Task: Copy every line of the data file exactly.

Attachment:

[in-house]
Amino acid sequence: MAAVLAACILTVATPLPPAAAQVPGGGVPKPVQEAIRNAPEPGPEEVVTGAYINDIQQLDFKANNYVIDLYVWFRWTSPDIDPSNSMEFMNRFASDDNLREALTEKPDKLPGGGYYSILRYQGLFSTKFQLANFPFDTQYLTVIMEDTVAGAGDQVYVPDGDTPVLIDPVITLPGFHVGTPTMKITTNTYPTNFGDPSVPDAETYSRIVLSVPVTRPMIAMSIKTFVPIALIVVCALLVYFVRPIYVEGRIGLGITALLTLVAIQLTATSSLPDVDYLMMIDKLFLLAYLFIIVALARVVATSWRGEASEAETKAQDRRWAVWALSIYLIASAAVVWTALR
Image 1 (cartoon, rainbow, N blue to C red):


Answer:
[in-house]
Amino acid sequence: MAAVLAACILTVATPLPPAAAQVPGGGVPKPVQEAIRNAPEPGPEEVVTGAYINDIQQLDFKANNYVIDLYVWFRWTSPDIDPSNSMEFMNRFASDDNLREALTEKPDKLPGGGYYSILRYQGLFSTKFQLANFPFDTQYLTVIMEDTVAGAGDQVYVPDGDTPVLIDPVITLPGFHVGTPTMKITTNTYPTNFGDPSVPDAETYSRIVLSVPVTRPMIAMSIKTFVPIALIVVCALLVYFVRPIYVEGRIGLGITALLTLVAIQLTATSSLPDVDYLMMIDKLFLLAYLFIIVALARVVATSWRGEASEAETKAQDRRWAVWALSIYLIASAAVVWTALR
Image 1 (cartoon, rainbow, N blue to C red):